China tests European unity through Xi Jinping’s trip

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Taipei, Taiwan — Chinese President Xi Jinping concluded his high-profile European tour Friday after signing dozens of agreements with France, Hungary and Serbia, while reiterating Beijing’s desire to enhance “mutually beneficial cooperation” between China and Europe.

Some analysts say Xi’s trip to Europe is part of Beijing’s attempt to undermine European unity while deepening its foothold in the European Union through elevated economic ties with Hungary, a member of the 27-nation bloc.

“Beijing has identified France as a weak link in the EU” that it could potentially influence because of French President Emmanuel Macron’s efforts to prioritize his country’s “strategic autonomy,” and the Chinese government “thinks they can use Hungary and Serbia to influence Central and Eastern Europe,” said Sari Arho Havren, an associate fellow at the Royal United Services Institute in Brussels.

Chinese state media outlets are framing Xi’s European tour as a success by highlighting the positive aspects of the trip. The state-run Global Times described the 18 deals that China and France signed this week as “a positive signal for European entrepreneurs and a stabilizer to China-Europe trade ties against [the] decoupling push.”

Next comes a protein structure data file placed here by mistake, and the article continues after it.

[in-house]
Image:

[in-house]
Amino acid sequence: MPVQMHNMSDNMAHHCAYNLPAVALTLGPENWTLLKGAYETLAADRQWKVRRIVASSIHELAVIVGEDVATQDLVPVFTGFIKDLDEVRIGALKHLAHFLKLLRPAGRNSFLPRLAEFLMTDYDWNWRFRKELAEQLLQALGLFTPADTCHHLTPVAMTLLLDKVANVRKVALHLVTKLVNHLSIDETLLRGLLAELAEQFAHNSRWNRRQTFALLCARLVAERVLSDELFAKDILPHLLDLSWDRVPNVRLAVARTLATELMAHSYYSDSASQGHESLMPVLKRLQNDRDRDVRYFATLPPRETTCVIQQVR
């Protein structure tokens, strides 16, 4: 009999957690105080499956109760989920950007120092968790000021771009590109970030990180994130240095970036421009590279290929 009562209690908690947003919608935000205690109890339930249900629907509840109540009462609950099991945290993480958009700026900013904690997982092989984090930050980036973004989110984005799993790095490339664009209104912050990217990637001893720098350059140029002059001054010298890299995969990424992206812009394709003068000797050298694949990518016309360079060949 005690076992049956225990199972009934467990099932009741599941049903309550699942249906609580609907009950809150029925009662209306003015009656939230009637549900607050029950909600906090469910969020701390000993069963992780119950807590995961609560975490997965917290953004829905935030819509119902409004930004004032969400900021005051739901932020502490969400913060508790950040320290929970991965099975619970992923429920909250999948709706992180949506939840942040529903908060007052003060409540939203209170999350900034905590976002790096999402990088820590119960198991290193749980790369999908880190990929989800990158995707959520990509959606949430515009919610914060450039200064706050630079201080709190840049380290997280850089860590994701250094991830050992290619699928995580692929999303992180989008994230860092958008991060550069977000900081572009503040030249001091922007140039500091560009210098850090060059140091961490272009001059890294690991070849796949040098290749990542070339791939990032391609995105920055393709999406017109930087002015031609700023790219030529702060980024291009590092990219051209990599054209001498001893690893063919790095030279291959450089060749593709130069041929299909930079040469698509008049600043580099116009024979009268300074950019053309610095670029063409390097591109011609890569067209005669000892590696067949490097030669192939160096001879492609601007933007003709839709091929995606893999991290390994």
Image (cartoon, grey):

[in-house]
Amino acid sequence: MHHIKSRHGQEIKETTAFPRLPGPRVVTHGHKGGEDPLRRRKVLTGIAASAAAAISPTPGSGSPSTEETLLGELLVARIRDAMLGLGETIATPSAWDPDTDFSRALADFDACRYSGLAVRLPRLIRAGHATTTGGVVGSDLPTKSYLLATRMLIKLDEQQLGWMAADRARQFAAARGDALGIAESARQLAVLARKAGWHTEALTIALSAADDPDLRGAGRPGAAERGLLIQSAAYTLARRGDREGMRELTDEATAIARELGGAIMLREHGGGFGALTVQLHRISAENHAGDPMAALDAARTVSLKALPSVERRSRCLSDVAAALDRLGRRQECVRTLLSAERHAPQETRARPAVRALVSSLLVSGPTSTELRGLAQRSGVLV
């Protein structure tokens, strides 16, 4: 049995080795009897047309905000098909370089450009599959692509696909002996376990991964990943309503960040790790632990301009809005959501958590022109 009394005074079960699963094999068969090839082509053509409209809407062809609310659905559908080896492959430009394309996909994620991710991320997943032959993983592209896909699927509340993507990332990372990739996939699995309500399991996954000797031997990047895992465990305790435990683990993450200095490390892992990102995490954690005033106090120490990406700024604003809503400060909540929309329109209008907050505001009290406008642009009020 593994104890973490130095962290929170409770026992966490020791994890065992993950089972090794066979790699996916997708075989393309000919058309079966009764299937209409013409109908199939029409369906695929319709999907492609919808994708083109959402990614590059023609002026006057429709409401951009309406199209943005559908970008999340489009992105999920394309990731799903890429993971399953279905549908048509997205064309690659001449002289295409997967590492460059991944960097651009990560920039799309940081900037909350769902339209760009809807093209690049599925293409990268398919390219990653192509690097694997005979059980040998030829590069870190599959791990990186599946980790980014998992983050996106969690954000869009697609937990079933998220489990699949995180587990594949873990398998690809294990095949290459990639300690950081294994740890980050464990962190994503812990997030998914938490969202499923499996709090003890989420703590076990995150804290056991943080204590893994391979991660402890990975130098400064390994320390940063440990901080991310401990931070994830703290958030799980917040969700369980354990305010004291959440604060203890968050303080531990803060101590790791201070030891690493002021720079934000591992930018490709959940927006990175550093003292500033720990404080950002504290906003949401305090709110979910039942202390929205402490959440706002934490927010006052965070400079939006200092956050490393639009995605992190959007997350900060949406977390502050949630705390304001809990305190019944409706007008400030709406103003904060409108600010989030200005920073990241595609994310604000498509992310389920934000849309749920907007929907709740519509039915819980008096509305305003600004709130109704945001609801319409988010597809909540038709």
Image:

Meanwhile, the state-run Xinhua News Agency said China’s decision to elevate ties with Hungary marks “the most recent stride in China’s effort to deepen cooperation with Central and Eastern European nations.”

Judging from the substance of his trip, Arho Havren said, Xi did achieve some success in testing unity in Europe.

Additionally, Arho Havren said Xi’s recent interactions with Macron and German Chancellor Olaf Scholz also expose a fault line between Germany and France — the EU’s top two economies — regarding how to handle relations with China.

“Since Scholz prioritized German interests due to fear of Chinese countermeasures during his trip to Beijing, [it’s clear] that Beijing has been successful in influencing the German businesses and through them, the chancellor,” she told VOA in a written response.

Unlike Scholz, some experts said Macron tried to show that he supports the EU’s common approach toward China by inviting European Commission President Ursula von der Leyen to join his initial meeting with Xi in Paris.

“I think conveying the sense that [projecting European unity] is the top priority for French diplomacy has been the successful part of Xi’s European tour for Paris,” Mathieu Duchatel, director of international studies at the French policy group Institut Montaigne, told VOA by phone.

Overall, Arho Havren said some European countries should understand they can’t influence China’s behavior by engaging with them individually. Rather, such practice runs the risk of creating disunity within the EU, which is what Beijing seeks.

“China will continue its efforts to keep the EU disunited by playing the target countries’ vulnerabilities and egos against one another,” she told VOA.